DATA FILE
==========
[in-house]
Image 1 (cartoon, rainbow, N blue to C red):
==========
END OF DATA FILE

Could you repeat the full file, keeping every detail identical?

[in-house]
Image 1 (cartoon, rainbow, N blue to C red):